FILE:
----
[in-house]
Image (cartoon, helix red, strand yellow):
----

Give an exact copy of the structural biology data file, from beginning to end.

[in-house]
Image (cartoon, helix red, strand yellow):